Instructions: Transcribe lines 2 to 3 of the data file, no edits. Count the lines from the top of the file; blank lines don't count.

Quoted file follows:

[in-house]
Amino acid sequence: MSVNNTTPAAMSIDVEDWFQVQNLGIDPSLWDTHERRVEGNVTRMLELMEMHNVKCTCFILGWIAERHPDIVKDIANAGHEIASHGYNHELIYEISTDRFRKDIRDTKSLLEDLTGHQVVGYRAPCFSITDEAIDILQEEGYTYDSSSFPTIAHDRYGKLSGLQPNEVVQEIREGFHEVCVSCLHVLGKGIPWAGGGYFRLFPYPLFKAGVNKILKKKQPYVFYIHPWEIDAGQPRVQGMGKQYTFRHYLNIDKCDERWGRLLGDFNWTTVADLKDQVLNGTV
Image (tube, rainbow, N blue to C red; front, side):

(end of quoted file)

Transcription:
Amino acid sequence: MSVNNTTPAAMSIDVEDWFQVQNLGIDPSLWDTHERRVEGNVTRMLELMEMHNVKCTCFILGWIAERHPDIVKDIANAGHEIASHGYNHELIYEISTDRFRKDIRDTKSLLEDLTGHQVVGYRAPCFSITDEAIDILQEEGYTYDSSSFPTIAHDRYGKLSGLQPNEVVQEIREGFHEVCVSCLHVLGKGIPWAGGGYFRLFPYPLFKAGVNKILKKKQPYVFYIHPWEIDAGQPRVQGMGKQYTFRHYLNIDKCDERWGRLLGDFNWTTVADLKDQVLNGTV
Image (tube, rainbow, N blue to C red; front, side):